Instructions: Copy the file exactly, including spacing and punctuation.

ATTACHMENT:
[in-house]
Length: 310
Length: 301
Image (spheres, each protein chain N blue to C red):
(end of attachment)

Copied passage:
[in-house]
Length: 310
Length: 301
Image (spheres, each protein chain N blue to C red):